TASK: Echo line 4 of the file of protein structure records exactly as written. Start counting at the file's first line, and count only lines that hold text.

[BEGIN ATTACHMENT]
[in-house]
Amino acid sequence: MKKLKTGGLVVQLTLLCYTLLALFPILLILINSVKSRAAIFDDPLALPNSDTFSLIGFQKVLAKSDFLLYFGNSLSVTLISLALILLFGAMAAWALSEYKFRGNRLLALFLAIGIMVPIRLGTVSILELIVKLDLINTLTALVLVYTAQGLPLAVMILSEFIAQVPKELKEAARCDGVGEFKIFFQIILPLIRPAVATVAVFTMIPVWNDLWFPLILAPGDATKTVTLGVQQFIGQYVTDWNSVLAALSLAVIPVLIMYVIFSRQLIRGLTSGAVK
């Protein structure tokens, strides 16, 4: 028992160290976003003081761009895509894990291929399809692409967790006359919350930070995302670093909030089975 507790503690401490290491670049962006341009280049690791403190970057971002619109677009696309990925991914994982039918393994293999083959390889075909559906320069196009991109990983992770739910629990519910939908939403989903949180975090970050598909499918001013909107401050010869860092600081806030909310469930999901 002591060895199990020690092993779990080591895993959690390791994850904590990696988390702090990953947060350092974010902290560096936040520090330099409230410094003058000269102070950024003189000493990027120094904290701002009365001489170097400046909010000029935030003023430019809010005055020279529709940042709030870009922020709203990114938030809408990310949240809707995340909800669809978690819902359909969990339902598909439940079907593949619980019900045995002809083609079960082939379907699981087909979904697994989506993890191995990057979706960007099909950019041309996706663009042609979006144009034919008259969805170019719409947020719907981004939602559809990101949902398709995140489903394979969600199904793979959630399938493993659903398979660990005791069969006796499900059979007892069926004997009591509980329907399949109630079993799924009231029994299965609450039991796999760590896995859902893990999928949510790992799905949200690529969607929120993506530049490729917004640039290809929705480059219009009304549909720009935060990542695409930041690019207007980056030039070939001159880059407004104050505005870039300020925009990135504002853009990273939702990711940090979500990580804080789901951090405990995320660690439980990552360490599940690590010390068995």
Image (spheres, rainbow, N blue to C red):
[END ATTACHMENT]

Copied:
Image (spheres, rainbow, N blue to C red):